They maintain romance. But at the same time, they keep it classy.

By "classy" I do not mean demure/clean. This is not a discussion about sex scenes/the place of explicit thoughts, vocabulary and discussion in literature. That is for another time and place. Instead, by "classy" I mean genuine and fresh.

For someone like me, the aforementioned Class-A Shipper, there is nothing better than a beautiful description of love. And there is nothing classier than the words of these authors, and hundreds of others:

Give me my Romeo, and, when he shall die, Take him and cut him out in little stars, And he will make the face of heaven so fine That all the world will be in love with night, And pay no worship to the garish sun. - Yahoo Canada Image Search Results
Have I ever mentioned that I'm a Romeo and Juliet fangirl?
You know that How I Live Now is one of my absolute favourites.

A beautiful poem called I Gave You Immortality, translated from Gaelic.

One of my favourite poems by my favourite poet.

But my problem begins when the descriptions of love/romance/relationships that I read in YA fiction are tired, cliched or shallow - and sadly, it seems that they often are.

When reading Throne of Glass, I often found myself rolling my eyes at the feelings and emotions displayed, which most of the time seemed "cheap" or rather, badly described. Of course, I'm not saying that a description of emotion needs to be a deeply profound and metaphorical musing on the nature of true love. If that was the case, how could we ever describe the whims, impulses, conflicted feelings and everything else that makes us human? But even in describing the most shallow, fleeting or short-lasting of teenage crushes, I desire truth. I desire words that strike a chord with me. On that, Throne of Glass just didn't deliver. It wasn't the love triangle that I disliked, or Celaena's confusion as she navigated her interactions with Dorian and Chaol. Of course, her emotions were common to many. But I never had that "yes" moment that separates great books from good ones. Alan Bennett describes brilliantly what I'm trying to explain:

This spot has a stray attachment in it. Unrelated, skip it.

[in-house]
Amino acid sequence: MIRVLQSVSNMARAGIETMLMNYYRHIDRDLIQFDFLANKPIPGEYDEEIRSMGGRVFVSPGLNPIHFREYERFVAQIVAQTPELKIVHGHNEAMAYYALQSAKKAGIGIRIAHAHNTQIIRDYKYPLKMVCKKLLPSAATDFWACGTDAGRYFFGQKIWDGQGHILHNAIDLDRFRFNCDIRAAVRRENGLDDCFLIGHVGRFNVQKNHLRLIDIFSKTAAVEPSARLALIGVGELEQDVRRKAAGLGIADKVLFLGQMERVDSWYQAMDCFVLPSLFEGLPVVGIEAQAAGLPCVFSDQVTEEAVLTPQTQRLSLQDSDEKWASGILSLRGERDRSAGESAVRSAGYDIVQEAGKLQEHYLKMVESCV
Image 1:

The most mundane, even the most base, of feelings can be described in such a way as to speak from the book to the reader. What I'm really talking about is good writing. I never felt that the descriptions of Celaena's feelings cut to a bone of truth -- and that is my problem with so many YA romances.

Do you like the romance that is left unsaid, or would you prefer to track every detail? And - since I'm in a quoting mood - have you any descriptions of love to share?

What is your favourite YA love story?

9 comments:

  1. Das mah art. OOOOOOH.

    AND THANK YOU FOR THIS POST, BTW. I COULDN'T AGREE MORE.

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    1. YEAH IT IS

      THANK YOU THANK YOU THANK YOU

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  2. Okay, I skimmed the Blue Lily parts. I'm still debating on whether to read the book or not. . .

    Oh my goodness! Unsaid romance is the best! It's kind of like the "chemistry" side of things. It's not explicit. It's not overbearing. But you feel it in the air like static electricity between two souls.

    I try to do unsaid romance more than the said. For starters, I'm not good at romance, so the slow development works better for me. Plus, I think it's more realistic. But Rocky/Skyler are not an unsaid romance. And I have a lot of trouble trying to make them realistic. I'm still finding the balance between not going over broad and not making them seem like an old married couple. XD I'll get it down one day.